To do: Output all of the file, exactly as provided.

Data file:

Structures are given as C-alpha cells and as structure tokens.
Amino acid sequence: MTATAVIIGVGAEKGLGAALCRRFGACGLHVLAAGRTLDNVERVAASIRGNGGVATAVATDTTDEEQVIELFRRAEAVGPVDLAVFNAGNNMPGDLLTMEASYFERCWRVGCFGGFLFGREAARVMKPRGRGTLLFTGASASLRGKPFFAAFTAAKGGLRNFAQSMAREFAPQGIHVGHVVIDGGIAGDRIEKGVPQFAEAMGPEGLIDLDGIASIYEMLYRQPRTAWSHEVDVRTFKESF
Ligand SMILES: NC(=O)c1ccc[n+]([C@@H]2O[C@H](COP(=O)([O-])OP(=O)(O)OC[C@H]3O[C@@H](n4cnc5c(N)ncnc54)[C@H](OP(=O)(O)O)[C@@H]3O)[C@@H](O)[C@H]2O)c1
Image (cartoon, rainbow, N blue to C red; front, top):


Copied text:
Structures are given as C-alpha cells and as structure tokens.
Amino acid sequence: MTATAVIIGVGAEKGLGAALCRRFGACGLHVLAAGRTLDNVERVAASIRGNGGVATAVATDTTDEEQVIELFRRAEAVGPVDLAVFNAGNNMPGDLLTMEASYFERCWRVGCFGGFLFGREAARVMKPRGRGTLLFTGASASLRGKPFFAAFTAAKGGLRNFAQSMAREFAPQGIHVGHVVIDGGIAGDRIEKGVPQFAEAMGPEGLIDLDGIASIYEMLYRQPRTAWSHEVDVRTFKESF
Ligand SMILES: NC(=O)c1ccc[n+]([C@@H]2O[C@H](COP(=O)([O-])OP(=O)(O)OC[C@H]3O[C@@H](n4cnc5c(N)ncnc54)[C@H](OP(=O)(O)O)[C@@H]3O)[C@@H](O)[C@H]2O)c1
Image (cartoon, rainbow, N blue to C red; front, top):